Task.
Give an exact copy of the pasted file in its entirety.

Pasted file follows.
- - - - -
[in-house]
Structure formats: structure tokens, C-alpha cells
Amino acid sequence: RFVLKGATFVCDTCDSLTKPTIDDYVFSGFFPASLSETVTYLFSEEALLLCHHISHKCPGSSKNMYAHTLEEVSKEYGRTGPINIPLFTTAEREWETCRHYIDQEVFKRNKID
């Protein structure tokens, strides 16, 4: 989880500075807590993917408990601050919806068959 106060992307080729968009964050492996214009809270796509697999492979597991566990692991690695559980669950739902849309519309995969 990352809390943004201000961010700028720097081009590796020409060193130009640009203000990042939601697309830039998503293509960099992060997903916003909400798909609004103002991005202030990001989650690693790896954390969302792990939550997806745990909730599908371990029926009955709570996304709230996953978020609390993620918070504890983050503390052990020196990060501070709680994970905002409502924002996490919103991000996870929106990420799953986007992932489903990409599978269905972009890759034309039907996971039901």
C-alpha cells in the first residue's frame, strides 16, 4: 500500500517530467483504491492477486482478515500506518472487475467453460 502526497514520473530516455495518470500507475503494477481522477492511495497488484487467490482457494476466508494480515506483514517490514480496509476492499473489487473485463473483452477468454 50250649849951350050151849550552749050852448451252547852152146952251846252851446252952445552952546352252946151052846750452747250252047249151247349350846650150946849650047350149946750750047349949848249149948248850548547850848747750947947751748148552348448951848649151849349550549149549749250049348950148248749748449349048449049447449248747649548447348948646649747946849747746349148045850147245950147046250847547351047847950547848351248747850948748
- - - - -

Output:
[in-house]
Structure formats: structure tokens, C-alpha cells
Amino acid sequence: RFVLKGATFVCDTCDSLTKPTIDDYVFSGFFPASLSETVTYLFSEEALLLCHHISHKCPGSSKNMYAHTLEEVSKEYGRTGPINIPLFTTAEREWETCRHYIDQEVFKRNKID
């Protein structure tokens, strides 16, 4: 989880500075807590993917408990601050919806068959 106060992307080729968009964050492996214009809270796509697999492979597991566990692991690695559980669950739902849309519309995969 990352809390943004201000961010700028720097081009590796020409060193130009640009203000990042939601697309830039998503293509960099992060997903916003909400798909609004103002991005202030990001989650690693790896954390969302792990939550997806745990909730599908371990029926009955709570996304709230996953978020609390993620918070504890983050503390052990020196990060501070709680994970905002409502924002996490919103991000996870929106990420799953986007992932489903990409599978269905972009890759034309039907996971039901």
C-alpha cells in the first residue's frame, strides 16, 4: 500500500517530467483504491492477486482478515500506518472487475467453460 502526497514520473530516455495518470500507475503494477481522477492511495497488484487467490482457494476466508494480515506483514517490514480496509476492499473489487473485463473483452477468454 50250649849951350050151849550552749050852448451252547852152146952251846252851446252952445552952546352252946151052846750452747250252047249151247349350846650150946849650047350149946750750047349949848249149948248850548547850848747750947947751748148552348448951848649151849349550549149549749250049348950148248749748449349048449049447449248747649548447348948646649747946849747746349148045850147245950147046250847547351047847950547848351248747850948748